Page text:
Renaissance

The architecture of the fabled Renaissance, which occurred between the early 15th and 17th centuries, was brought to light by the genius of Filippo Brunelleschi and his awe-inspiring dome in Florence. The style spread rapidly across Italian towns and then to France, Germany and surrounding countries, England and even Russia. In a conscious effort to revive elements of the classical Greek and Roman cultures, Renaissance architecture returned to symmetry, proportion and geometry while using orderly columns and pilasters, domes, and niches. Another characteristic of Renaissance architecture is sgraffito, as the methods were similar to those of the fresco. Sgraffito was used enthusiastically in Germany and the surrounding lands.

  • Royal Summer Palace The Royal Summer Palace

    In the lovely Royal Garden sits the most magnificent example of Renaissance architecture this side of the River Arno, the Royal Summer Palace, or the often-called Queen Anne's Summer Palace. Commissioned by Ferdinand I in 1538 for his loving wife Queen Anne, the palace was designed and built by the combined efforts of Italian stonemasons, who managed the gallery and its breezy arcade and the intricate classical relief decorations, and Bonifaz Wohlmut and Hans Tirol, responsible for the superstructure and...

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  • Ball Game Hall | Fine Renaissance Architecture Ball Game Hall

    Located inside the Royal Gardens, overlooking the stag moat, sits this enchanting Renaissance building with an even more bewitching history. First built by Bonifaz Wohlmut and Ulrico Aostali in the mid 16th century to serve as the Royal game hall for an early form of tennis and badminton, the facade of the Ball Game Hall was decorated with impressive sgraffiti (depicting the Virtues, the Four Elements, and the Liberal Arts) and featured large garden side arcades, perfect for shading ones...

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  • Schwarzenberg Palace | Prague Schwarzenberg Palace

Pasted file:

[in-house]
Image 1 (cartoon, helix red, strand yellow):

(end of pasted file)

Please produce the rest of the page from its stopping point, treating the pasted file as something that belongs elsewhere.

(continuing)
Newly renovated and more beautiful than ever, Schwarzenberg Palace, located on Hradcanske Square, is one of the best examples of Renaissance architecture in Prague. It is easily recognizable due to the dramatic black and white sgraffito decorations all over the facade of the building. Due to a massive fire in 1541, the three buildings that occupied the original lot of the palace burned down. The wealthy nobleman Jan Popel of Lobkowicz, purchased the ruins and the land and commissioned the...

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  • Prague Renaissance Architecture | Star Summer Palace Star Summer Palace

    Located a bit further than most Prague sights, this mysterious star shaped Renaissance gem is worth the tram trip. As you stroll down the long tree lined avenue of the large game preserve notice the perfect symmetry and unique design of the palace, it is indeed splendid. It is also important to note that the Star Summer Palace is connected with the tragic Battle of White Mountain, which occurred in the surrounding area on November 8, 1620. Archduke Ferdinand of...

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  • Prague Renaissance Architecture | The House at the Minute The House at the Minute

    In the magical Old Town Square sits the lovely Renaissance pearl, The House at the Minute. Covered in ornate Sgraffito decorations depicting Greek mythology as well as references to biblical and Renaissance legends, this house is easily recognizable with such an impressive facade. The House at the Minute was built at the beginning of the 15th century as a house in the late Gothic style and was supposedly a tobacconist's shop. Sgraffito decorations were created in two phases – before...

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